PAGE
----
As such, the Active Transportation Alliance has called for earmarking $20 million annually in the city budget for bike/walk safety infrastructure, focused on underserved communities. During the mayor campaign, Lori Lightfoot pledged to do that, but that promise went by the wayside in her 2020 budget. Safe multi-modal streets should be seen as a basic city amenity, not a special perk reserved for more privileged parts of town.

The lack of action on streets like Stony Island and Milwaukee shows disrespect for people like Jackson, Lee, and Aiello who lost their lives partly due to unsafe road conditions. It's tragic that, even after people are killed while trying to transport themselves across the city by bike, the city doesn't have the political will to say, “This death was unacceptable. Let's create a safe biking route right now.” 

I realize that the city is deploying much-needed safety infrastructure and education resources in West Side neighborhoods like Austin, North Lawndale, and Garfield Park as part of part of Vision Zero. But we also need to create a rapid response team to quickly create protected bikeways in areas that have seen serious injuries or fatalities. Each serious injury or death is totally preventable. We must exercise our political power and put it behind sustainable, efficient, and equitable methods of transporting human beings and building our economic, social, and environmental resilience by creating protected bikeways, safe pedestrian corridors, and efficient, frequent, accessible, and dignified transit. 

Immediately after cyclist Tess Rothstein was fatally struck in San Francisco, SFMTA's Rapid Response team put up "no stopping" signs on Howard and bagged the parking meters. Photo: Roger Ruddick, Streetsblog San Francsico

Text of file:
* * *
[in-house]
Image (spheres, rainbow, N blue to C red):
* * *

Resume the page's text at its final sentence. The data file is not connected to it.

Immediately after cyclist Tess Rothstein was fatally struck in San Francisco, SFMTA's Rapid Response team put up "no stopping" signs on Howard and bagged the parking meters. Photo: Roger Ruddick, Streetsblog San Francsico

The city of San Francisco offers a blueprint for a rapid responses to traffic fatalities. In 2017 Mayor Ed Lee created the Rapid Response Team through the San Francisco Municipal Transportation Agency. The rapid response team at SFMTA was tasked with “improving street conditions at fatality sites and working to resolve delays more quickly.”

“[SFMTA]’s rapid response includes an analysis of what we know about the circumstances surrounding the crash, the crash history at the location, the existing conditions, and a recommendation of what engineering improvements can be made quickly,” said spokesman Paul Rose.

Current San Francisco mayor London Breed went further in 2018 to mandate the Rapid Response Team “respond within within one hour of a serious injury or fatality of a cyclist and analyze, over a 24-hour period, how improvements can be made to avoid another incident. Those improvements then must be made within 72 hours of an incident” according to an official statement.

It would be wonderful to see Chicago's transportation department follow suit by taking action to improve safety within hours of a serious or fatal crash, rather than waiting months to make improvements, or not doing anything at all.

In addition to the creation of a Rapid Response Team, we need to create a city and agency ethos at CDOT, the Illinois Department of Transportation, and the various transit agencies that it's best to design streets in a proactive way. We cannot wait until someone is injured or killed to make improvements. CDOT already has lots of data on which bike lanes see the most 311 tickets related to drivers parking or driving in bike lanes. If the city and the state truly cared about safety, this would trigger a redesign of bike lanes. 

Last night I watched a video featuring Meredith Glaser, an American who moved to the Netherlands to study biking infrastructure and how Dutch biking infrastructure can be translated to work in the United States. She spoke of the government's policy that any injury or death that occurs within the “public space” is unacceptable. It's time we demand the same level of accountability from our own transportation agencies.